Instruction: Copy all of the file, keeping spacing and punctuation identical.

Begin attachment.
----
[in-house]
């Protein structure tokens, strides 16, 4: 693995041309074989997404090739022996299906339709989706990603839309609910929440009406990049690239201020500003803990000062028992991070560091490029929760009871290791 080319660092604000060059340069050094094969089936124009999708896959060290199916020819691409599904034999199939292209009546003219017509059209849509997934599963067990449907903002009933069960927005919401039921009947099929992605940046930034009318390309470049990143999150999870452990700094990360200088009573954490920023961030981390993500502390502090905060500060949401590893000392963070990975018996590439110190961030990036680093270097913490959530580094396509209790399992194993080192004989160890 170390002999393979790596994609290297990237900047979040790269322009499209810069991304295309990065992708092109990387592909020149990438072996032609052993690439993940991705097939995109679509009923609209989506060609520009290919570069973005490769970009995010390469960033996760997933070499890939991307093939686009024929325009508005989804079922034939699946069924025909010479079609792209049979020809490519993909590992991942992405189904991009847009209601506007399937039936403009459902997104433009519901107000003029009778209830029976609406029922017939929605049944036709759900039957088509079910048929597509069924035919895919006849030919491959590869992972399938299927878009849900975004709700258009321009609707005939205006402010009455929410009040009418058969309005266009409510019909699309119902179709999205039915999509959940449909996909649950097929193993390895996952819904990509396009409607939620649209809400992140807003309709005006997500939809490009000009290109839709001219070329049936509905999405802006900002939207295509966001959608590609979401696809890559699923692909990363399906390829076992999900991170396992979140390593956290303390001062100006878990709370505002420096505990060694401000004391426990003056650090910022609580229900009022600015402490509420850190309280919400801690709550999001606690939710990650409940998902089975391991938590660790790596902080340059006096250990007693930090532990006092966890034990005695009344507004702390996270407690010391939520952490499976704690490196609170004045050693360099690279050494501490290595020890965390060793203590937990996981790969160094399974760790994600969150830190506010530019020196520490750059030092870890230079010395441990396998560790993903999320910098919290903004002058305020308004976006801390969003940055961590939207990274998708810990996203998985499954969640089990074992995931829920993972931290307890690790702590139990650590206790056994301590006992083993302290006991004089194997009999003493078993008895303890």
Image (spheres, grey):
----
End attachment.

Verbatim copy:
[in-house]
């Protein structure tokens, strides 16, 4: 693995041309074989997404090739022996299906339709989706990603839309609910929440009406990049690239201020500003803990000062028992991070560091490029929760009871290791 080319660092604000060059340069050094094969089936124009999708896959060290199916020819691409599904034999199939292209009546003219017509059209849509997934599963067990449907903002009933069960927005919401039921009947099929992605940046930034009318390309470049990143999150999870452990700094990360200088009573954490920023961030981390993500502390502090905060500060949401590893000392963070990975018996590439110190961030990036680093270097913490959530580094396509209790399992194993080192004989160890 170390002999393979790596994609290297990237900047979040790269322009499209810069991304295309990065992708092109990387592909020149990438072996032609052993690439993940991705097939995109679509009923609209989506060609520009290919570069973005490769970009995010390469960033996760997933070499890939991307093939686009024929325009508005989804079922034939699946069924025909010479079609792209049979020809490519993909590992991942992405189904991009847009209601506007399937039936403009459902997104433009519901107000003029009778209830029976609406029922017939929605049944036709759900039957088509079910048929597509069924035919895919006849030919491959590869992972399938299927878009849900975004709700258009321009609707005939205006402010009455929410009040009418058969309005266009409510019909699309119902179709999205039915999509959940449909996909649950097929193993390895996952819904990509396009409607939620649209809400992140807003309709005006997500939809490009000009290109839709001219070329049936509905999405802006900002939207295509966001959608590609979401696809890559699923692909990363399906390829076992999900991170396992979140390593956290303390001062100006878990709370505002420096505990060694401000004391426990003056650090910022609580229900009022600015402490509420850190309280919400801690709550999001606690939710990650409940998902089975391991938590660790790596902080340059006096250990007693930090532990006092966890034990005695009344507004702390996270407690010391939520952490499976704690490196609170004045050693360099690279050494501490290595020890965390060793203590937990996981790969160094399974760790994600969150830190506010530019020196520490750059030092870890230079010395441990396998560790993903999320910098919290903004002058305020308004976006801390969003940055961590939207990274998708810990996203998985499954969640089990074992995931829920993972931290307890690790702590139990650590206790056994301590006992083993302290006991004089194997009999003493078993008895303890």
Image (spheres, grey):